The microelectronic component assembly 10 also includes a plurality of bond wires 40. A first set of bond wires 40 a may extend from individual terminals 24 of the die 20 to a first set of bond pads 32 a arranged on the front side 36 of the board 30 along a first side of the passage 34. Similarly, a series of second bond wires 40 b may extend from other terminals 24 in the terminal array to a second set of bond pads 32 b arranged on the front side 36 along the opposite side of the passage 34. Typically, these bond wires 40 are attached using wire-bonding machines that spool a length of wire through a capillary. A molten ball may be formed at a protruding end of the wire and the capillary may push this molten ball against one of the terminals 24, thereby attaching the terminal end 42 of the wire 40 to the die 20. The capillary moves laterally in a direction away from the bond pad 32 to which the wire 40 will be attached (referred to as the reverse motion of the capillary), then a further length of the wire will be spooled out and the board end 44 of the wire 40 will be attached to the bond pad 32. The reverse motion of the capillary is required to bend the wire into the desired shape to avoid undue stress at either the terminal end 42 or the board end 44. The need to move the capillary in the reverse direction to form the bend in the wire 40 requires significant clearance between the terminal end 42 and the inner surface of the passage 34, increasing the width W of the passage 34. The reverse motion also increases the length of each of the bond wires 40 and often requires an increased loop height L of the wire 40 outwardly from the front surface 22 of the die 20.
As noted above, most commercial microelectronic component assemblies are packaged in a mold compound 50. The mold compound 50 typically encapsulates the die 20, the adhesive members 35, the bond wires 40, and an inner portion of the board 30. A remainder of the board 30 extends laterally outwardly from the sides of the mold compound 50. In many conventional applications, the mold compound 50 is delivered using transfer molding processes in which a molten dielectric compound is delivered under pressure to a mold cavity having the desired shape. In conventional side gate molds, the mold compound will flow from one side of the cavity to the opposite side. As the front of the molten dielectric compound flows along the passage 34 under pressure, it will tend to deform the wires. This deformation, commonly referred to as “wire sweep,” can cause adjacent wires 40 to abut one another, creating an electrical short. Wire sweep may also cause one of the wires 40 to bridge two adjacent leads, creating an electrical short between the two leads. These problems become more pronounced as the wire pitch becomes smaller and as thinner wires 40 are used.
To protect the bond wires, a conventional BOC package is positioned in the mold cavity with the die oriented downwardly and the substrate oriented upwardly, i.e., generally in the orientation illustrated in
Various embodiments of the present invention provide various microelectronic component assemblies and methods for forming microelectronic component assemblies. The terms “microelectronic component” and “microelectronic component assembly” may encompass a variety of articles of manufacture, including, e.g., SIMM, DRAM, flash-memory, ASICs, processors, flip chips, ball grid array (BGA) chips, or any of a variety of other types of microelectronic devices or components therefor.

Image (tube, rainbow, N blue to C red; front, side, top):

For ease of understanding, the following discussion is subdivided into two areas of emphasis. The first section discusses microelectronic component assemblies in accordance with selected embodiments of the invention. The second section outlines methods in accordance with other embodiments of the invention.
B. Microelectronic Component Assemblies Having Recessed Wire Bonds
Turning first to
The microelectronic component 110 may comprise a single microelectronic component or a subassembly of separate microelectronic components. In the embodiment shown in
The substrate 120 may include a back surface 130 and a contact surface 128 that carries a plurality of contacts 129. The distance between the back surface and the contact surface defines a thickness of a body 126 of the substrate 120. A recess 132 in the substrate extends inwardly from the contact surface 128 to a bond pad surface 124 (shown as 124 a and 124 b in
In the illustrated embodiment, the passage 134 may have a width W that is less than a width of the recess 132 and have a midline that generally bisects the width of the recess 132. This will define a first bond pad surface 124 a extending along one edge of the passage 134 and a second bond pad surface 124 b extending along the other edge of the passage 134. As explained below, aspects of the microelectronic component assembly 101 allow the width W of the recess 134 to be substantially smaller than the gap width W encountered in conventional designs such as the one shown in
Any of a variety of common microelectronic component substrate materials may be used to form the substrate 120. For example, the substrate may have a laminate structure such as those used in some printed circuit boards. In one embodiment, the substrate 120 may be formed of a first ply or set of plies that define the thickness of the base 122 and a second ply or set of plies that have a thickness equal to the height of the recess HR. If so desired, a printed circuit may be defined between the first and second plies to electrically connect the bond pads 125 to the contacts 129.
The substrate 120 may be attached to the microelectronic component 110 by means of an adhesive member. In the microelectronic component subassembly 101 of